FORT LEAVENWORTH, Kan. (March 19, 2009) - It has often been said that the noncommissioned officer is the backbone of the U.S. Army. And in the current operational environment, NCOs are needed to provide that structure more than ever.

NCOs are the primary trainers for Soldiers, both officer and enlisted. From the first day a person joins the Army, an NCO has a hand in his or her training. For enlisted Soldiers, the first instruction is from a drill instructor, and officers are no different in this process. No matter if you are an officer candidate, West Point cadet or ROTC cadet, NCOs have the unique job of training and mentoring the people who will eventually become their officers.

NCOs also provide the mentorship needed by Soldiers and officers not only through their operational experiences, but their experience in units. NCOs often stay at the operational level for longer periods of time than officers. It is because of this that officers and NCOs are paired together in all organizational structures - the NCO becomes the primary adviser to the officer.

NCOs use their experiences to mentor and train officers new to a job as well as provide the continuity needed to provide stability to the organization. They also join with the officer to provide a unified voice within the unit; this unified voice is provided by the NCOs and officers working together. The officer plans and resources while the NCOs see to the detailed execution of unit operations. In addition to unity of voice, this pairing provides unity of effort.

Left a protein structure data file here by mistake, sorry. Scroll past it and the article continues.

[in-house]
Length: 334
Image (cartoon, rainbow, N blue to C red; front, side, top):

Decentralized mission execution is a primary function of an NCO. Based on his or her vast operational experiences and pairing with officers, the NCO has the ability to take over in any situation in the absence of their appointed officer. Leaders may fall, but the mission cannot. The NCO is there to ensure mission accomplishment. For this reason, all commanders have an NCO as a primary adviser. That NCO is privy to all operations in the unit and answers only to the commander. This allows the NCO Corps to have a parallel chain of command that ensures continuing smooth operations when officers are replaced, incapacitated or not available.

For me, I've seen all of this in practice. As a new captain out of the Captains Career Course, I was assigned to a battalion S4 position with no logistics experience. I arrived at the unit the day before the outgoing S4 was departing. The extent of the handover between us was a quick tour of the base, a rundown of where his files were and his contact information if I had any questions.

The bright spot of my day was seeing the section NCO in charge - she was a sergeant first class with almost 20 years of experience. Over the next several months, she became an integral part of anything and everything I did. For all the many - and often competing - requests from the units, she had the knowledge and experience to accomplish the mission. She provided me with advice and counsel on everything from technical questions to dealing with the many personalities in the battalion.

Eventually, as she passed on her vast knowledge of logistics, we became a team with one voice. We could "cover down" in each other's absence. This NCO provided the stability and experience to both me and the organization needed to make the battalion S4 section successful. Without her I would not have had the trainer, mentor and advisor I needed as a new battalion S4 to help accomplish the unit's mission.

To me she was the backbone of our section as well as the U.S. Army.

Editor's note: During the Year of the Noncommissioned Officer, the Fort Leavenworth Lamp is seeking essays from Command and General Staff College students and others about NCOs who have inspired or influenced their careers. Send ideas or essays to editor@ftleavenworthlamp .com.